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The adoption of closed drug formularies for state workers comp programs is gaining momentum, although improvements on several fronts may mask unintended consequences.
Ohio, Oklahoma, Texas and Washington state have implemented closed drug formularies grounded in evidence-based medicine guidelines for their workers comp programs, with Arizona, Arkansas, California, Louisiana, Maine, Michigan, Montana, Nebraska, North Carolina and Tennessee weighing or taking similar steps.
Formularies make it more difficult for physicians to prescribe drugs such as opioid painkillers since they require proof that nonformulary drugs are medically necessary for injured workers.
Texas and Oklahoma based their formularies on the Official Disability Guidelines published by Encinitas, California-based Work Loss Data Institute. Tennessee has adopted the guidelines for the formulary it will launch next year and Arizona, Arkansas and Louisiana apparently are leaning in that direction.
The guidelines are popular among states partly because of their limited implementation and maintenance costs and the ease of adopting their N and Y drug lists, said Mark Pew, senior vice-president at PRIUM, a Duluth, Georgia-based medical management company. On the flip side, states must adopt the guidelines in full because the institute does not allow changing its content, although a state can create carveouts via legislation or rules, he said.
However, the use of “Y” drug (preferred) and “N” drug (requiring preauthorization) lists results in a “black-and-white formulary” that fails to acknowledge certain drugs may be appropriate in some situations, but not others, said Joseph Paduda, principal of Madison, Connecticut-based Health Strategy Associates L.L.C. and president of trade association CompPharma.
“The binary nature of the Y and N process is a gross simplification of what formularies should be,” he said.
Compelling outcomes in Texas also factor into the guidelines' popularity, Mr. Pew said.
The number of injured employees receiving N drugs fell 65% and costs dropped 83% for new claims for injuries suffered on or after Sept. 1, 2011, the Texas Department of Insurance said of the first implementation phase of its comp formulary. Utilization and costs also declined for legacy claims, with costs dropping from $1.42 million in August 2013 to $290,000 in September 2014.
“At first blush, the results in Texas look remarkably good,” Mr. Paduda said.
The American College of Occupational and Environmental Medicine Practice Guidelines is another option unless states feel they need to create their own formularies, Mr. Pew said. Washington state — the earliest adopter of a closed drug formulary in 2004 — did just that and was able to implement a more restrictive formulary because of the monopolistic nature of its workers comp system.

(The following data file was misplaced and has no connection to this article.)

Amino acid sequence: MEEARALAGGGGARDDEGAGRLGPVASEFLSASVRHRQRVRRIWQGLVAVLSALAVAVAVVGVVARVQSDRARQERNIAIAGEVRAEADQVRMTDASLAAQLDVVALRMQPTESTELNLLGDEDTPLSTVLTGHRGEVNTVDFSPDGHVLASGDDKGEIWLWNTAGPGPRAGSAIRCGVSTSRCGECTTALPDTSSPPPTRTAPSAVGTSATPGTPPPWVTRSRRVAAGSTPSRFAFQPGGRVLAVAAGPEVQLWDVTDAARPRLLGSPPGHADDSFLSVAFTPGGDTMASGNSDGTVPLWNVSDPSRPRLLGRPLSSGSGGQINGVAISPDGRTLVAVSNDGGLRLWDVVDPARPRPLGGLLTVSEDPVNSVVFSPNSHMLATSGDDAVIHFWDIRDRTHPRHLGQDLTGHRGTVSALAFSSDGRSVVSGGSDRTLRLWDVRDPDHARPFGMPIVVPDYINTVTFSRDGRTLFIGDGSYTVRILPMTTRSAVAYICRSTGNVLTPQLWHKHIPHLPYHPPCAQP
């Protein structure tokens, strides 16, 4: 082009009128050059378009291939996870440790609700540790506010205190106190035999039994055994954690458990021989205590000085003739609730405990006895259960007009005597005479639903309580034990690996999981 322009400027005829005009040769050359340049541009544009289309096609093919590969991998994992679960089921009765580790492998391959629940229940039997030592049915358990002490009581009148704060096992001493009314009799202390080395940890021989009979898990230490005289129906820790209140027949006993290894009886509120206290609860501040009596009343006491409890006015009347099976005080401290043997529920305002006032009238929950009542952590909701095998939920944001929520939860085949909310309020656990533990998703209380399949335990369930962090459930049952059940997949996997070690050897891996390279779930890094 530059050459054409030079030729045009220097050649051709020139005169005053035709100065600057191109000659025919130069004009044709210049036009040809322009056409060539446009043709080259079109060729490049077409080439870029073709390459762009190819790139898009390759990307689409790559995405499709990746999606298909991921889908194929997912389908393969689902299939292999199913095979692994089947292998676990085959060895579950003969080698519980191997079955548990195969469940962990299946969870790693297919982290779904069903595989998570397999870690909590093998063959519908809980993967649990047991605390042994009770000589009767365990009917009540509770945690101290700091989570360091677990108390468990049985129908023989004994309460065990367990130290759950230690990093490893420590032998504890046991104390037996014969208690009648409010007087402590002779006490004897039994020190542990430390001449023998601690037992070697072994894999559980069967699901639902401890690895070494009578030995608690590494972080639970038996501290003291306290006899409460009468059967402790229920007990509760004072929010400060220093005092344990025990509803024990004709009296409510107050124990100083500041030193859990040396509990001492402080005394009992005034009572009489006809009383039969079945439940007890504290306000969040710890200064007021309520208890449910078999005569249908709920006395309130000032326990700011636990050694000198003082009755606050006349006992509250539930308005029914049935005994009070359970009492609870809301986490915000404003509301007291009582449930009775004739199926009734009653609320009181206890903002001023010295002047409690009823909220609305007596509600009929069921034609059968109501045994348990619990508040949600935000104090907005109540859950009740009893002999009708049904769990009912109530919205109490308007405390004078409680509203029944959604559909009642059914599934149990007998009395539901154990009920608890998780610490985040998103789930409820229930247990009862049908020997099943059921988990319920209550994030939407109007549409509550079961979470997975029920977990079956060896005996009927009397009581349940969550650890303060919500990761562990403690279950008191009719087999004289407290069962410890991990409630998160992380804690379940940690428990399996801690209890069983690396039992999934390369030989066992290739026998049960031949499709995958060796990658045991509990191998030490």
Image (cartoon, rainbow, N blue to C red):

While it's not known which treatment guidelines California will adopt, the characteristics of the state's comp system could indicate a general approach, experts said.
“It's too early to say what direction California is going to go, but I think they're leaning toward a Texas model because of applicability versus a Washington model because it's monopolistic,” Mr. Pew said.
Not all stakeholders support evidence-based closed drug formularies for workers comp programs.
Robert Rassp, a Sherman Oaks, California-based attorney at Law Office of Robert G. Rassp representing workers comp claimants, said such formularies are geared to cost containment and limit physicians' ability to treat their individual patients.
“I don't think the formularies that exist promote or encourage individualized medicine,” he said. “It's not about what's best for the patient. It's how to save money.”
But patients are not automatically barred from receiving specific drugs just because they are not in the formulary, said Johnnie Hanna, pharmacy program director at the Ohio Bureau of Workers' Compensation in Cincinnati, a monopolistic state that established its own drug list in 2011.
“The idea that a formulary is a reason someone would not get a drug they needed is absolute nonsense,” he said.
The Ohio bureau has reported significant utilization and cost declines, including a 74% drop in skeletal muscle relaxants, a 25% decline in narcotics and a total drug cost drop of 16%, for a total of $20.7 million, in fiscal year 2014 compared with fiscal year 2011.
“You cannot approach it from a fiscal perspective,” Mr. Hanna said “If you do, you lose the moral high ground and you will lose support from some of your constituencies.”
For several stakeholders, the critical unanswered question is what happens to patients who lose access to opioids because of a closed drug formulary.
While the majority likely receive opioids through their group health plans or Medicare, “I think it's highly likely that some portion of claimants who are no longer receiving opioids are accessing street drugs,” Mr. Paduda said. “I have no idea what percentage, but you can't just stop taking opioids.”
And there is the possibility these injured workers are turning to heroin, although it is difficult to prove a direct correlation. A July U.S. Centers for Disease Control and Prevention report indicated 45% of people who used heroin also were addicted to opioids.
Third-party administrators are leveraging pharmacy and claims data to develop red flags used to alert adjusters when injured worker cases need more attention.